Cultural diversity is close to the heart of Stella M Nkomo, a professor at Unisa’s Graduate School of Business Leadership, who has studied the role of race and gender in the corporate world. Her recently published book (co-written with fellow American academic Ella Bell), Our Separate Ways: Black and White Women and the Struggle for Professional Identity, is based on eight years of research on women who have reached top management positions in the United States.
Because she has not lived in South Africa for long, Nkomo is cautious about drawing parallels with the local situation, but she has made some initial observations. “I’m conscious of being a lone black woman in some of the organisations I’ve visited — the walls are lined with photographs of previous leaders who are all white males. The corporate world can be an alien environment for women — they are often stereotyped as subordinates in both countries.
“White women who succeed sometimes adopt the style of white men themselves. Black female leaders tend to have a stronger sense of community becoming champions of employment equity. Because of South Africa’s history, racial dimensions seem to overshadow gender issues, which become an afterthought.”
Nkomo believes the conflicting demands of family and business are even higher on black women in South Africa than they are in the United States. “It’s a key dilemma,” she says. “The black female executive who comes home with pizza after a long day at the office is not fulfilling the expectations of her mother-in-law. She is frequently the first woman in the family to follow a non-traditional career path and the demands of corporate life can be very complicated for a woman who is frequently obligated to attend a family funeral rather than a company function.”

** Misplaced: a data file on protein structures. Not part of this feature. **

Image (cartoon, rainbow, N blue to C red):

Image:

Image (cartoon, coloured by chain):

Nkomo is critical of organisations employing a solo or token female. “Extraordinary demands are often made of her as she becomes a cosmetic showpiece who is expected to represent the company at all occasions where employment equity is an issue.”
She is also scornful of those who complain that there aren’t black or female candidates of suitable quality available. “It’s a big cop-out! Companies must simply reach deeper and go overboard to change a situation foisted on them by the country’s history. Get aggressive. Look for potential talent in high schools. Foster growth among your own staff. Learn to trust people who are culturally diverse. Don’t blame everything on the shortcomings of the labour market!”
Nkomo believes too many businesses see employment equity and affirmative action as merely ticking off numbers. “Blacks and females should not be regarded as a burden or liability — a company must aim to go with the spirit and intent of the law if it has a genuine commitment to making the organisation more inclusive.”